The Black Dog challenge Eno on Music For Real Airports

By , Feb 15 2010

The Black Dog will release a new album entitled Music For Real Airports on Soma Records in May.

The record, which is part of a multimedia art project produced in collaboration with interactive artists Human, is billed as a contemporary response to to “the reality of occupying the semi-public space of an airport”, and to Brian Eno’s landmark ambient LP Music For Airports.

A press release explains the group’s aims more clearly:

“The artistic intent of Music for Real Airports is to examine the nature of airports and to explore what they could be. The Black Dog argue that, considering their importance in our lives, airports have not been sufficiently represented by artists. Perhaps the best known artistic response to airports is Brian Eno’s Music for Airports, whose purpose seems to be largely elegiac, even if conceived as an antidote to the stress of plane delays. tBd performances, events and installations are a more accurate update to Eno’s work, and to a degree, a riposte. Some members of The Black Dog were disappointed by Eno’s treatment of the subject in 1979 and have been considering how to produce a more meaningful response ever since.”

The ‘Dog accuse Eno’s Music For Airports of being “used by airport authorities to lull their customers”, which seems an odd statement. When was the last time you heard Eno in an airport? Furthermore, if we remember correctly there was a case in the 1980s of an airport using Eno’s music in its departure lounge, but then quickly withdrawing it after they received a number of complaints from passengers – the uncommonly melancholic and meditative music had actually caused them considerable disquiet.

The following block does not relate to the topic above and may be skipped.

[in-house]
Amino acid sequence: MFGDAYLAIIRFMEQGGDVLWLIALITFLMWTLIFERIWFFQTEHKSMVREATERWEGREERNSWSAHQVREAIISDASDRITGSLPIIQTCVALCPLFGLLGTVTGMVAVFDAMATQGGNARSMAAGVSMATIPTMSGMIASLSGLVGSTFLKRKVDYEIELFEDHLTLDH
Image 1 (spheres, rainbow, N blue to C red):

Anyway, The Black Dog claim that Music Foe Real Airports is “ambient, but focussed”, and deirved from 200 hours of field recordings, much of which was processed and combined with new music while the group members were actually waiting in airports.

“This record is not necessarily a comfortable listen. But it captures the spectrum of emotions stirred by airports. There is tension and disappointment. But there is also romance and excitement.”

Well, we’ve have to wait and see. The Black Dog is currently comprised of members Ken Downie (who has been there since the group’s inception) and Martin and Richard Dust. The group debuted in 1989 and made some of the most arresting electronic music ever to emerge from the UK, from the rough-hewn breakbeat techno of ‘Virtual’ and the seminal compilation Bytes, part of Warp’s Artificial Intelligence series. Last year they released the album Further Vexations.

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